To determine whether changes in spine morphologies reflected defects in synaptic function, we recorded miniature excitatory postsynaptic currents (mEPSCs) in cultured hippocampal neurons transfected the same way (Figure 3E). We found that mEPSC frequency was reduced by NDR1-KD and by NDR1siRNA + NDR2siRNA, and the effect due to siRNA knockdown was rescued by siRNA resistant NDR1, indicating that NDR1/2 are necessary for active synapse formation (Figure 3F). Interestingly, NDR1-CA also caused a reduction in mEPSC frequency indicating that uncontrolled NDR1 activity can also inhibit active synapse formation (Figure 3F). We did not find a difference in mEPSC amplitude (Figure 3G), suggesting that NDR activity affects the number of active synapses rather than the strength of each synapse. Furthermore, co-immunostaining with post and presynaptic markers indicate that synapses are mostly made directly on dendritic shaft in NDR1-CA expressing neurons in contrast to neurons expressing NDR1-KD or GFP alone (Figure S3A). These observations indicate that mEPSCs in NDR1-CA neurons could originate from synapses on dendritic shafts, and support the notion that reduction in total number of synapses in NDR1-KD and NDR1-CA expressing neurons leads to reduced mEPSC frequency.
Our data revealed that both loss and gain of function of NDR1/2 altered spine morphogenesis. NDR1/2 loss of function reduced mushroom spines and increased filopodia and atypical protrusions. The reduction in mushroom spines is reflected in reduced mEPSC frequency. In contrast, uncontrolled NDR1-CA activity led to retraction of all dendritic protrusions, most likely via a mechanism distinct from the process for mushroom spine formation. The reduction in mushroom spines along with other dendritic protrusions is also reflected in reduced mEPSC frequency. Thus our data indicate that strictly controlled NDR1/2 activity is required for proper dendritic spine development.
We next altered NDR1/2 function in layer 2/3 cortical pyramidal neurons in vivo by expression of dominant negative or constitutively active NDR1 as well as siRNA via in utero electroporation at embryonic day (E)14.5- E15.5. Analysis of labeled layer 2/3 neurons in P18-20 brains revealed no effect on neuronal migration by NDR1/2 manipulations (data not shown). We measured dendritic arborization within 150 μm from the soma, which included basal dendrites, and proximal region of the apical dendrite. The apical tufts were not included in the analysis because they were mostly cut away in our sections. We found that NDR1-KD or NDR1siRNA + NDR2siRNA expression (which reduces NDR1 and NDR2, respectively (Fig S3E & S7B)) increased dendrite branching at 50 μm away from the soma, and the total dendrite length, when compared with vector control and control-siRNA, respectively (Figure 4A, B, D, E & F). In contrast, NDR1-CA expression dramatically reduced branching and dendrite length (Figure 4A, B, D, E & F), the reduction in branching was apparent uniformly in all GFP expressing cells (Figure S3B). NDR1-CA expressing neurons appeared healthy (Figure S3C & D). These results agree well with our findings in hippocampal cultures and show that NDR1/2 function is necessary and sufficient to limit dendrite branching in vivo as well as in vitro.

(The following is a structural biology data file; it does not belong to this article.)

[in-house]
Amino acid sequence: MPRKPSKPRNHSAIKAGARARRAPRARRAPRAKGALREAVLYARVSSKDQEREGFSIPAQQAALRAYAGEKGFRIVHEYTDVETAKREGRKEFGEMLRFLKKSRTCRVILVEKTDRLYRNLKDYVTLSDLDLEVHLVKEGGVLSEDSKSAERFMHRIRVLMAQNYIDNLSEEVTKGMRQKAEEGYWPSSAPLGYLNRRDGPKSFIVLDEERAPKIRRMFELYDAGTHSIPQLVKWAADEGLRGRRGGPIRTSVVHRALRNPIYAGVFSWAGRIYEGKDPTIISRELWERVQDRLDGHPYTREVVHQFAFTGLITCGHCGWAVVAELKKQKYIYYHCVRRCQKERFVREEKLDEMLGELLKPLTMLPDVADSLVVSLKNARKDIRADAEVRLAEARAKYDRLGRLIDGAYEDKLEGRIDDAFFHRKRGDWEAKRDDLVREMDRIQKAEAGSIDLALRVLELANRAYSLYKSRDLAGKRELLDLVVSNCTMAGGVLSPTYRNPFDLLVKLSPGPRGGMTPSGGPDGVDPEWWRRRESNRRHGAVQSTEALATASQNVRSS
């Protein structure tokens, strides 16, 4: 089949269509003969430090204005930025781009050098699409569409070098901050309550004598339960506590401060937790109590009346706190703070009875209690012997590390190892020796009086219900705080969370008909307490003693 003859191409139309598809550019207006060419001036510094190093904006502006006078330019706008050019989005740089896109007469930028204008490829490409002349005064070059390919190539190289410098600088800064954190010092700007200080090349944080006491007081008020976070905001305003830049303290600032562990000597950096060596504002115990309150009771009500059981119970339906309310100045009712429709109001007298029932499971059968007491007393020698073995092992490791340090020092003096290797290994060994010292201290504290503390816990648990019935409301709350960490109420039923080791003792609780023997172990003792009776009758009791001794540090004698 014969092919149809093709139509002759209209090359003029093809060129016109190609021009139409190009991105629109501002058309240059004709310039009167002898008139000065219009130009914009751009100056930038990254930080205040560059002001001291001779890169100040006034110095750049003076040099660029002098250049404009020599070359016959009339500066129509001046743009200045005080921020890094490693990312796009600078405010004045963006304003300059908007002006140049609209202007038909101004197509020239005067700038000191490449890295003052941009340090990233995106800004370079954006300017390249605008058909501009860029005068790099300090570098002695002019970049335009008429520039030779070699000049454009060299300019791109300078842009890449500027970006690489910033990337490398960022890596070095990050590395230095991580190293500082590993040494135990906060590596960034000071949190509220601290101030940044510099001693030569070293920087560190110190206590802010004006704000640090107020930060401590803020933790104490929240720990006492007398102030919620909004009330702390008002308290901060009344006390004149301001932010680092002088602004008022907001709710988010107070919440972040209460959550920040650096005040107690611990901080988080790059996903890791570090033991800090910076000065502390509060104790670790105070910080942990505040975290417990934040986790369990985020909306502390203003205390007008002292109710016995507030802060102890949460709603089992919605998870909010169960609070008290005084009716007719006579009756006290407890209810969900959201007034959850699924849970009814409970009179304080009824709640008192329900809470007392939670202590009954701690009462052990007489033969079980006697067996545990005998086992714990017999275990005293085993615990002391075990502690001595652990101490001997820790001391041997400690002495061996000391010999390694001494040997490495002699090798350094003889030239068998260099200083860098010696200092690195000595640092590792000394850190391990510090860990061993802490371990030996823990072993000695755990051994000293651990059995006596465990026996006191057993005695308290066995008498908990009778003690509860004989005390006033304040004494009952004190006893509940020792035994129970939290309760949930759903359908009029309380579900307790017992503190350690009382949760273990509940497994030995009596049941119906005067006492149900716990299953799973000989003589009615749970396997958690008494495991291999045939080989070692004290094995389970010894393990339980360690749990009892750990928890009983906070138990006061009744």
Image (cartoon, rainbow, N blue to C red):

In perfused brains from animals subjected to in utero elecroporation we did not observe variable dendritic protrusion morphologies at the resolution imaged (Figure 4C). The predominant protrusion type observed in vivo was mushroom spine. Therefore, we measured spine head diameters and spine density as the functional parameters of these postsynaptic structures. We found that NDR1-KD and NDR1siRNA + NDR2siRNA decreased dendritic spine head diameter (Figure 4G), suggesting that NDR1/2 is required for dendritic spine development in vivo. These results are in agreement with our hippocampal culture results where NDR1/2 promoted mushroom spines and active synapses and limited immature protrusions. It is possible that certain factors that contribute to spine formation and stabilization which are present in vivo are largely absent in cultures. Such differences between cultures and in vivo studies might result in the different spine phenotypes we observe (Figure 3A-D & 4G) caused by similar manipulations of NDR1/2 activity.
We also found that dendritic spine density was reduced in NDR1-CA expressing neurons and was increased by NDR1siRNA + NDR2siRNA in vivo, while we did not observe a significant change with NDR1-KD (Figure 4H). It is possible that NDR1-KD expression level was not sufficient to cause increased spine density in vivo. NDR1/2 participates in limiting dendritic spine density as demonstrated in NDR1-CA expressing cultured neurons (Figure 3A-D). Our data supports that NDR1 activity is necessary in limiting dendritic spine numbers in vivo, as well.
Overall, our data shows that NDR1/2 regulate spine morphology by enlarging spine heads and limiting spine numbers in vivo. These data together with data from neuronal cultures (Figure 3) support a role for NDR1/2 function in dendritic spine morphogenesis.
Having found NDR1/2 function important for dendrite arborization and synaptic development, we next looked into the underlying mechanisms. Since there were no known substrates of NDR1/2, we utilized the chemical genetic substrate labeling method followed by phospho-specific covalent capture (Blethrow et al., 2008) to identify NDR1 substrates. This method utilizes analog sensitive kinases in which the hydrophobic gatekeeper residue is replaced by a smaller amino acid to allow binding and utilization of ATP analogs modified with bulky substitutions. Crystal structure of Src ATP binding pocket in analog-sensitive mutant depicts how larger ATP analogs (Figure 5C) can fit the binding pocket of Src-as (Figure 5A).